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How To Recognize A Heart Attack One Month Before It Happens

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How To Recognize A Heart Attack One Month Before It Happens

Heart conditions are a real issue in America. High volumes of morbid obesity and unhealthy habits run rampant. The American diet plays a huge role in heart health issues, as does our love for tobacco products and often lazy mindsets.

Every year, about 720,000 Americans suffer a heart attack. This constitutes for a total of one in four deaths in the United States. That equates to roughly 5 deaths per minute!

While most heart conditions are linked to unhealthy or careless lifestyles, heart attacks can strike without a moment’s notice.
Last year, my father began experiencing a multitude of heart related problems that were set in motion by a severe heart attack. This came as a huge shock to everyone, because my dad is essentially a model of good health for a middle-aged man. He maintains a healthy diet and weight, exercises very regularly, and stays properly hydrated.

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However, in spite of all of this, a heart attack still happened.

My father has seen a plethora of problems following the unexpected cardiac health issues. Subsequent medications stacked up, ER visits have become regular occurrences, and spells of dizziness and unconscious streaks all started to feel eerily normal. A pacemaker was put into my father’s chest once multiple heart attacks surfaced. Through the unexpected twists and turns associated with all of this, I’ve learned a lot about heart health.

Prevention is hands down the best medicine for a healthy heart, but it’s important to first understand the early warning signs of a potential heart attack.

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Fatigue/Weakness

Feeling weak and a devoid of energy can say a lot about your heart health. When your arteries become more narrow, the amount of blood flow to your heart decreases. This can leave you feeling weak and may be a sign of future heart attacks, or poor circulation. If this is starting to feel like an everyday occurrence, do not ignore these symptoms.

Cold Sweats/Dizziness

Experiencing excessive dizziness and clamminess is also a trigger warning. This is commonly associated with sub par blood flow. When my father first started experiencing heart health issues, he was feeling noticeably dizzy all the time. Before his first attack, my father passed out at work for seemingly no reason at all. This raised a red flag, and the heart attack happened the same day.

Flu-Like Symptoms

Symptoms of the flu include pain in the joints and muscles, sore throat, nasal cavity congestion or discomfort, shortness of breath, severe headaches, and all around body aches and pains. A lot of people who experience a heart attack notice these symptoms during this timeframe.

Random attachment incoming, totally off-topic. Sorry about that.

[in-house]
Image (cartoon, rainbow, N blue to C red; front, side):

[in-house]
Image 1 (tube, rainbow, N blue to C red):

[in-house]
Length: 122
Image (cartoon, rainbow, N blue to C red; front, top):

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Chest Pressure

This one is very blunt and straight forward. One of the most tell all symptoms of a heart attack is chest pain. Whether it’s moderate to severe pressure, or even a noticeable minor pain, do not overlook this detail. This is the most common predecessor to a heart attack, and generally means something is about to happen in regards to your heart health.

For a more in depth look at these symptoms, check out a similar post by The Spirit Science.

The Differences Between Men and Women’s Symptoms

Although all of these symptoms can be present as early warning signs for either gender, there are some additional early warning signs present for women specifically.

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For women, the pain attributed to the early stages of heart issues can often feel similar to indigestion. This is very dangerous because it is commonly overlooked. Pain in between the should blades can be an early tell as well. Additionally chest pain may be slightly more mild, but more persistent.

Below are a few ways to combat heart attacks if you or a loved one ever experiences heart problems.

Medications

Taking prescribed heart medications will obviously help with heart issues. But it’s crucially important to make sure that any current medications are properly accounted for before you start new heart medications. In the case of my father, this was surprisingly overlooked. His medications stacked on themselves and had some very poor side effects. Avoid this at all costs by triple checking with your doctor.

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Lifestyle Factors/Bad Habits

Poor diet and a lack of exercise showcase typical American bad habits. Processed foods, sugar and television addictions, and drive-thru mentalities just scratch the surface. The good news is that anyone can break the mold of these poor lifestyle choices. Try riding your bike to work, and eating foods that are actually beneficial to your heart health. Heart healthy exercises will become your best friend.